There is a road bridge over the plant, which used to have the Packard logo on it and the slogan “ask the man who has an” above the door of the factory. During the Depression, Packard has decided to “lose market” to produce a cheap car to a wider audience. They built the Model 120. The Packard 120 was the quality and looked like a Packard, but he was at a lower price. This movement marked the end of Packard. They lost its cache and exclusivity for the rich.

His timing was off. In 1941, he built and installed the Clipper. Then came the war and had to be redesigned for the war effort. Four years later, after the war, he turned to enter the Clipper. It sells well, and even until the end of 1950, GM sold more than Cadillac Packard sold, but the management was too conservative. Design for new 1949-1950 Clipper has been dubbed “the speaker cutting. They had some problems with suppliers when Chrysler bought Briggs a leading provider in your body. What finally killed Packard had quality problems.

In 1952/53, Jim Nance Packard to run the company. He was talented and brilliant, but did not see the ground floor of multi-Packard as an albatross. He moved to the manufacture of a new facility which has been dubbed “the cookie jar.” It was too small. There was so many young men could not move, is dangerously close. Quality suffered. End of Packard products were never designed to perfection with incredible genius. Bu collapsed and in 1956, the public had had enough.

Today, the ruins of the Packard plant are stripped of almost all metals. Some frames to maintain the fragments of broken glass. A musty smell emanates tract full of garbage. Strange things like a boat, computer equipment, tires, shoes and stuffed toys. We have not seen homeless people, organizations or animals. Packard is the most decrepit.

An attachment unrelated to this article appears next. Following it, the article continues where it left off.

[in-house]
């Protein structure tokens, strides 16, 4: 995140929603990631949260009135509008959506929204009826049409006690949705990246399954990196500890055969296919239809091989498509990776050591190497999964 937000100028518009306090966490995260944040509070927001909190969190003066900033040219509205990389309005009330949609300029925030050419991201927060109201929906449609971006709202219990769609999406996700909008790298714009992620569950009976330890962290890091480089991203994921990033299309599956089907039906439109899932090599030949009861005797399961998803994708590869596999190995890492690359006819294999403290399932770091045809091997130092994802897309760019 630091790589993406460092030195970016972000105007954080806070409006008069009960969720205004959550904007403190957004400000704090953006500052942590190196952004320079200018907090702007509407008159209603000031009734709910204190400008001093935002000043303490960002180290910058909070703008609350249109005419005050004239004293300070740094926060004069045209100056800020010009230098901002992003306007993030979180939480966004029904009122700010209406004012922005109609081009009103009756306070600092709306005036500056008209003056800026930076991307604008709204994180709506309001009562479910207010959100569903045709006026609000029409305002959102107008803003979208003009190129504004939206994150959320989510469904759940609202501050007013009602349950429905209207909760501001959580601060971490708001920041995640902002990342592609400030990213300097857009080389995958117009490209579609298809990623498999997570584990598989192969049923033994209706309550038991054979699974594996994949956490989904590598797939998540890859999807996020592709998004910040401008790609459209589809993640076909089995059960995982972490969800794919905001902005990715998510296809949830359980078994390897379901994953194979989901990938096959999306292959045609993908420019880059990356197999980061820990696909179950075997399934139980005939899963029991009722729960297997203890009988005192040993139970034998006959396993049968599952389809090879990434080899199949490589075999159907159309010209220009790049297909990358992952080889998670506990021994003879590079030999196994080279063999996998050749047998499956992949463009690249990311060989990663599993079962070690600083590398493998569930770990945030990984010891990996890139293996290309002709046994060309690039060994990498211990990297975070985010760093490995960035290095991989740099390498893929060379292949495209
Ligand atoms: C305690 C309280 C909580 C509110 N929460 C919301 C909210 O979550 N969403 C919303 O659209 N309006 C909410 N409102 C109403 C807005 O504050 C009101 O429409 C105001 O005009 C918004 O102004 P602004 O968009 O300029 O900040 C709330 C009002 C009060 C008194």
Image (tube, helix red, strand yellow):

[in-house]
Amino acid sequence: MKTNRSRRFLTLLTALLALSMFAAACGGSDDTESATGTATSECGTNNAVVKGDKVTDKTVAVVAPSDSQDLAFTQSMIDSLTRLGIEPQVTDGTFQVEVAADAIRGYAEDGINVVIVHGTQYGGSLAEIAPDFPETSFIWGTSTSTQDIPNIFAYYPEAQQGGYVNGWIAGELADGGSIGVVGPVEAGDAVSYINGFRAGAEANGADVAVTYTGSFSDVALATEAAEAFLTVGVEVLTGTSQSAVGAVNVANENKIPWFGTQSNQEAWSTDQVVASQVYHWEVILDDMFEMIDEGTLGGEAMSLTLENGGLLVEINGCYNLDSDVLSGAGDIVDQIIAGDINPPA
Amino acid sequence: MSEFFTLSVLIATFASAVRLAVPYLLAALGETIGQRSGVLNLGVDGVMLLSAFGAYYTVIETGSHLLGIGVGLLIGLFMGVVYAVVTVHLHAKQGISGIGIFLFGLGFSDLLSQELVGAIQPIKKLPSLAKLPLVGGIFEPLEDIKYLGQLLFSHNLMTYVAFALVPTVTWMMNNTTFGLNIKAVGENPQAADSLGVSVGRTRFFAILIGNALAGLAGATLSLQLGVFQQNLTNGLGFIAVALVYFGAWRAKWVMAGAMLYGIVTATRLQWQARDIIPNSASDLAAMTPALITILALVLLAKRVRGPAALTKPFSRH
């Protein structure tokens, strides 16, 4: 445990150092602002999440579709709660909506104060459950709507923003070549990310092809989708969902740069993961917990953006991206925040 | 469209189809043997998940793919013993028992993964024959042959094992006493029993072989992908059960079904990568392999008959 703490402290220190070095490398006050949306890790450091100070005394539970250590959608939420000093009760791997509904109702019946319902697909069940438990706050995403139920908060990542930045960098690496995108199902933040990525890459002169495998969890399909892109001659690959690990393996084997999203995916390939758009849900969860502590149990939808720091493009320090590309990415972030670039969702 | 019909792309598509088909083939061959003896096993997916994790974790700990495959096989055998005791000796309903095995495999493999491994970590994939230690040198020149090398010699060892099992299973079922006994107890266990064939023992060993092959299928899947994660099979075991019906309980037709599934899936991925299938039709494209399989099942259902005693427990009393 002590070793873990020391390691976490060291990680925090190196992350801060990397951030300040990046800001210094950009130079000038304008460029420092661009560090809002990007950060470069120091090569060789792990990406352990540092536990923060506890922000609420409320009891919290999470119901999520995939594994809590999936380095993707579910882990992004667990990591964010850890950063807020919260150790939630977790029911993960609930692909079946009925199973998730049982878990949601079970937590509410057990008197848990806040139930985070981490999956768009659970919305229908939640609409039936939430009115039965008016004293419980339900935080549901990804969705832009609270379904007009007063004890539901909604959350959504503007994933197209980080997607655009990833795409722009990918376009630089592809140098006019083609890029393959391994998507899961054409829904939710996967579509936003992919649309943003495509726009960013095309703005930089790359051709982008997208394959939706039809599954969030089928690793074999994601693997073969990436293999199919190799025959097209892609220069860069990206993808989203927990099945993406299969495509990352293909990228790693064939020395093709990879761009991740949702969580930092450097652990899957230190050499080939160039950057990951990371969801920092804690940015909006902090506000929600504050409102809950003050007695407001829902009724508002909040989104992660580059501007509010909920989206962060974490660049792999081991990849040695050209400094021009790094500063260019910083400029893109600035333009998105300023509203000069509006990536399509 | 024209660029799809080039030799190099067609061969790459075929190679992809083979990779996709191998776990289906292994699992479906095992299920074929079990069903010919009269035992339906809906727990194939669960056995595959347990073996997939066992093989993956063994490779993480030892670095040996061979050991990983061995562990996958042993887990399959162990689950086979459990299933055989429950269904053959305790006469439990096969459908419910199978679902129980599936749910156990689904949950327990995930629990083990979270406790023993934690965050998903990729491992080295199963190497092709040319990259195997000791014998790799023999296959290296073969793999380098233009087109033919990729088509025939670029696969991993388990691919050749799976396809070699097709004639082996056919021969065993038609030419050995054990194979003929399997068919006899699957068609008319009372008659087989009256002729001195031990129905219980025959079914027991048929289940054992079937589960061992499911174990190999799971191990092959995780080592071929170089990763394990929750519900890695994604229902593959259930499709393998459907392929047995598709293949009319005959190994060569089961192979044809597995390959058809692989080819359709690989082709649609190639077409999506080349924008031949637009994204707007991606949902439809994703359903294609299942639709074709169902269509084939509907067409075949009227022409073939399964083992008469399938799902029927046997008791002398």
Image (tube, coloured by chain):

We also went to the Rouge plant still in operation. Raw materials enter the plant and the cars go. Raw materials like steel, rubber. Huge piles of coal sitting ready to heat the furnaces to melt steel, which is rolled and cut and assembled and trained. Ford Rouge plant is the only raw materials and finished in a car out.

Outside the Red is a memorial complex. There is a bronze statue larger than life of Henry Ford. Along the marble courtyard engraved with pictures of historical events in the history of Ford. The images are not all in favor of Ford. They have an incredible story. After the bridge, where “Bridge Battle” took place. It is the birthplace of the UAW. Workers clashed with rioters of Henry Ford and won the right to fair working conditions and compensation. Since then, the UAW has become too strong and disgraced, but there is still a need for unions. There is a need for bargaining power for small and weak against the strong and the rich have all the advantages. This is another story.

Henry Ford, while no philanthropist shows the advantage to pay its employees well. You could say he was the father of the middle class. It was the first to pay his workers enough so they can afford to buy their products. He paid enough so they can buy their cars and their homes. The basis of the richness of the Ford family is the belief that the good of many is more profitable, more profitable than the current culture of “every man for himself”.

Those were the days.